USC WR Nelson Agholor "is a fierce competitor with excellent work habits in the weight and film rooms and takes his role as a team leader seriously," notes NFLDraftScout.com's Frank Cooney.
"Agholor's fascinating footwork will serve well on run-after-catch, but probably as a No. 2 receiver on a team that can also enjoy his entertaining style on returns," Cooney wrote. Agholor recently had a private workout with the Panthers (No. 25) and will soon work out for the Patriots (32). He's going to go at the end of Round 1 or near the beginning of Day 2.
Washington State QB Connor Halliday "was efficient and did a terrific job commanding the passing offense at Washington State but lacks the physical skills to be anything other than a third quarterback at the next level," according to TFY Draft Insider's Tony Pauline.
"Patient, intelligent quarterback with marginal physical skills for the next level," reads his scouting report. "Buys time for receivers, remains poised under the rush and displays a great sense of knowing where receivers. Effectively sets up screen passes and throws the ball with great timing. Very accurate in the short and intermediate field, placing passes where only his target can make receptions." Sounds like the perfect Mike Leach quarterback, right? The weaknesses will sounds familiar to NFL types who have tried without success to develop Leach's QBs in the pros. "Does not possess a big arm," Pauline wrote. "Cannot zip the passes through tight spots and deep throws hang in the air. Puts the ball up for grabs at times or tosses passes into covered targets. Not a nimble quarterback who can escape the rush or pick up yardage with his legs."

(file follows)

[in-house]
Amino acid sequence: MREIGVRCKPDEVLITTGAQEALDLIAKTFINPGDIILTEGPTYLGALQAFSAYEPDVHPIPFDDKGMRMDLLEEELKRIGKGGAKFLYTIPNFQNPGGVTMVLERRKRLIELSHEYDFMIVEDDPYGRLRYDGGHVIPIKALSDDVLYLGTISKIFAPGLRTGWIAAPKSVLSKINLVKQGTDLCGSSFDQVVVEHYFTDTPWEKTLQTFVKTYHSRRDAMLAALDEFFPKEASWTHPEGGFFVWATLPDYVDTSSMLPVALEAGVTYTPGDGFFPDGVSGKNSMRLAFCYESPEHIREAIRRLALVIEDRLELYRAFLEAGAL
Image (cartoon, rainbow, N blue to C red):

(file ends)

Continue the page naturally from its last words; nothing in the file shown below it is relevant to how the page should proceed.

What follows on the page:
Clemson DT Grady Jarrett "can get blown off the ball when he doesn't keep his pads down, and he will never be a guy who takes up a lot of space," wrote ESPN's Todd McShay.
"But he is quick enough to shoot through gaps and has the agility to finish plays in the backfield," McShay wrote. Jarrett compares his own game to undrafted Hall of Famer John Randle (6-foot-1, 287) and is fond of reminding evaluators that Rams defensive tackle Aaron Donald (6-foot-1, 285) won the 2014 NFL Defensive Rookie of the Year. We love him. If Jarrett is available in the Round 2, we'd urge any team with an interior need to pull the trigger.
In a scouting report, TFY Draft Insider's Tony Pauline writes that ECU QB Shane Carden "was a tremendous college quarterback, consistently producing, but possesses average size and below average arm strength for the next level."
"He could be an asset as a third quarterback in a timing offense," wrote Pauline. The analyst likes everything that we do: It's impossible to rattle Carden, he thinks quickly, has good vision, is functionally mobile and doesn't make many mistakes. All that sounds great, but the weaknesses might preclude Carden from everything starting an NFL game. Per Pauline: "Possesses an average arm. Passes lacks speed and he struggles getting the ball downfield. Lacks height and has throws batted away. Loses velocity throwing on the move. High off the mark when he tries to zip the ball into targets."